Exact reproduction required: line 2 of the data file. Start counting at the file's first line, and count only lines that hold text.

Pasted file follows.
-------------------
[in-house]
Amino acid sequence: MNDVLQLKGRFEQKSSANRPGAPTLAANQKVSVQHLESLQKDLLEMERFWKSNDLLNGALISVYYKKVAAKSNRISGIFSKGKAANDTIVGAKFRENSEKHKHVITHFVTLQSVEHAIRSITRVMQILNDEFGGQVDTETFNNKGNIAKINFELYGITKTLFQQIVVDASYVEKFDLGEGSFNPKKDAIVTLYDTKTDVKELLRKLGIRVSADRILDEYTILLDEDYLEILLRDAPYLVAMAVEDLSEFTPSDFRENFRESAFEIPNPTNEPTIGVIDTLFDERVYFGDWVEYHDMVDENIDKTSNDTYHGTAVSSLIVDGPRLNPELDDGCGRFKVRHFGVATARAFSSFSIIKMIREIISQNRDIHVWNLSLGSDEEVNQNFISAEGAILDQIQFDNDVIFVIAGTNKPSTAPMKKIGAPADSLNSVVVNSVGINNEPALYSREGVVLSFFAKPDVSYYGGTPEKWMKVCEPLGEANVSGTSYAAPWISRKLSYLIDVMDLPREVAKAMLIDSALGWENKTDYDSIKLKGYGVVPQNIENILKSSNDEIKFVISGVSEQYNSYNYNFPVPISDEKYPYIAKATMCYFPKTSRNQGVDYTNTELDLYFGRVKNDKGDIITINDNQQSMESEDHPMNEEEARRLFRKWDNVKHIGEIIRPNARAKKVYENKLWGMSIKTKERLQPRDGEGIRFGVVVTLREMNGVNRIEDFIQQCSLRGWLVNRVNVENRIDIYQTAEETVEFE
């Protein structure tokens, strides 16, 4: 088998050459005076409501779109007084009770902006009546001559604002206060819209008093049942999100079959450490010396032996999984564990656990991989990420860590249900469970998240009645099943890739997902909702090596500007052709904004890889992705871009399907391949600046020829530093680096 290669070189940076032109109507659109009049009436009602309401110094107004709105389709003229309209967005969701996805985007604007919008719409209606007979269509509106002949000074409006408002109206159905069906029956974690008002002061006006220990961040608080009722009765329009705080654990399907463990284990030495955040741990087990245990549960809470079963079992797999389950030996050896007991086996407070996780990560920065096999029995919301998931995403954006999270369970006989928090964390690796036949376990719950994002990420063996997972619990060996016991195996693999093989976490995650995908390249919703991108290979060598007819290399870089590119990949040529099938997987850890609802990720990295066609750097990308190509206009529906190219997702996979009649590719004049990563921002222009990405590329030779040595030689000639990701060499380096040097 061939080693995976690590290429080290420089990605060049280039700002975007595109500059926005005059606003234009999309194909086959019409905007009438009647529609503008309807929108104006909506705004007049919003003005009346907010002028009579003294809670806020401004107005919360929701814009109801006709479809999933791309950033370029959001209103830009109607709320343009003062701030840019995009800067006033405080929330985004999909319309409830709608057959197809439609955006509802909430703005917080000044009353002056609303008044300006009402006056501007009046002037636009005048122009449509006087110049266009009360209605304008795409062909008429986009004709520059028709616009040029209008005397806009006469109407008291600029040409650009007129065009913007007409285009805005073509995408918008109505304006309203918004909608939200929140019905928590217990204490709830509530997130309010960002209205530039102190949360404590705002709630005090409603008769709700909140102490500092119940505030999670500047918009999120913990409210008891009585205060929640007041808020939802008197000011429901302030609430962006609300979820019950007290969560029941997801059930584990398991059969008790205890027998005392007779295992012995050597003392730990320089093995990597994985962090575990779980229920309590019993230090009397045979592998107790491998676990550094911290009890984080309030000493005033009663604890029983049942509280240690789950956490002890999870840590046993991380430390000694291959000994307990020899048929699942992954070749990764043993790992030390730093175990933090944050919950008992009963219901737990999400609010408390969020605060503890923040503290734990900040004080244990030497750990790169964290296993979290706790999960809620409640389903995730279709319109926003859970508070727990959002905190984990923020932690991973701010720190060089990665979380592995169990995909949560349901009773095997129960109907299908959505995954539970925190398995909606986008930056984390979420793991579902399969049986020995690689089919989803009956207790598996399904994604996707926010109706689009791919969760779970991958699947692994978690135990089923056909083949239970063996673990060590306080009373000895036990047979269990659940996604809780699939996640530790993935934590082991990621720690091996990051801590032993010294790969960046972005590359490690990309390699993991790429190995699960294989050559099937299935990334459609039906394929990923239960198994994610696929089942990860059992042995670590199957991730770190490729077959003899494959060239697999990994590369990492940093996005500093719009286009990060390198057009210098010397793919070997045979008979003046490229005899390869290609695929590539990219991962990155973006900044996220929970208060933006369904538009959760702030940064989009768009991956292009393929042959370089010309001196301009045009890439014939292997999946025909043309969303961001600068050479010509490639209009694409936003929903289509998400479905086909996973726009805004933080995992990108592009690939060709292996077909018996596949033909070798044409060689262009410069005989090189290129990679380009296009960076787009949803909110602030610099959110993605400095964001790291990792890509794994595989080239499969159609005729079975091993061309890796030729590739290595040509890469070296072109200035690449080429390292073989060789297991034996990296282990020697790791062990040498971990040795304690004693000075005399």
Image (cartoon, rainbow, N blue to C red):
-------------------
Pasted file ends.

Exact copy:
Amino acid sequence: MNDVLQLKGRFEQKSSANRPGAPTLAANQKVSVQHLESLQKDLLEMERFWKSNDLLNGALISVYYKKVAAKSNRISGIFSKGKAANDTIVGAKFRENSEKHKHVITHFVTLQSVEHAIRSITRVMQILNDEFGGQVDTETFNNKGNIAKINFELYGITKTLFQQIVVDASYVEKFDLGEGSFNPKKDAIVTLYDTKTDVKELLRKLGIRVSADRILDEYTILLDEDYLEILLRDAPYLVAMAVEDLSEFTPSDFRENFRESAFEIPNPTNEPTIGVIDTLFDERVYFGDWVEYHDMVDENIDKTSNDTYHGTAVSSLIVDGPRLNPELDDGCGRFKVRHFGVATARAFSSFSIIKMIREIISQNRDIHVWNLSLGSDEEVNQNFISAEGAILDQIQFDNDVIFVIAGTNKPSTAPMKKIGAPADSLNSVVVNSVGINNEPALYSREGVVLSFFAKPDVSYYGGTPEKWMKVCEPLGEANVSGTSYAAPWISRKLSYLIDVMDLPREVAKAMLIDSALGWENKTDYDSIKLKGYGVVPQNIENILKSSNDEIKFVISGVSEQYNSYNYNFPVPISDEKYPYIAKATMCYFPKTSRNQGVDYTNTELDLYFGRVKNDKGDIITINDNQQSMESEDHPMNEEEARRLFRKWDNVKHIGEIIRPNARAKKVYENKLWGMSIKTKERLQPRDGEGIRFGVVVTLREMNGVNRIEDFIQQCSLRGWLVNRVNVENRIDIYQTAEETVEFE